As Moore’s law is coming to an end, the industry has started to diversify processor types again. New operating systems will be needed to support this diversity while paying attention to the new challenges of the 21th century: security and the cost of software engineering. Unfortunately most technical experts currently active have been trained using education curricula specialized to the PC platform and 40 years old technology with a poor security record and high engineering costs (C and Unix). We thus need new education materials that train people to work on OS issues in a modern context.
The candidate will work to design and implement the basic bricks of a new operating system suitable for use in the BSc education curriculum (a.k.a a new sort of MINIX). This must use a modern programming language with the desired characteristics, for example O’Caml or Rust.
When a programmer joins an existing project with an already large source base, this person usually has a hard time answering the question “why is this code written this way?” or “what problem or feature has motivated this code?” for many places in the source code. Luckily, version control systems like Git maintain a database of changes over time which can be mined to obtain this information: git blame for example can annotate individual lines of code with who and when modified that line over time. However these tools are rather dumb and can only explain individual lines or files, and fail to deliver the big picture. A need thus exists for a tool that presents related change sets with context for better understanding.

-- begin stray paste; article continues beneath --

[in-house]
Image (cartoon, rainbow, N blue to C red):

The candidate will design and develop a new tool in the git toolbox that mines a Git repository for information about a specific portion of source code, then presents the history of that portion together with all related changes in other files. The technical challenge will be to use concurrency properly so that the user interface stays responsive even when the analysis has to process a large repository. The interface should support terminal output (preferred) or a portable UI toolkit.
The “Cloud” is a way to organize business where the owners of physical servers rent their resources to software companies to run their application as virtual machines. With the growing availability of multiple cores on a chip, it becomes interesting to rent different parts of a chip to different companies. In the near future, multiple virtual machines will co-exist and run simultaneously on larger and larger multi-core chips.
Meanwhile, the technology used to implement virtual machines on a chip is based on very old principles that were designed in the 1970’s for single-processor systems, namely the virtualization of shared memory using virtual address translation within the core.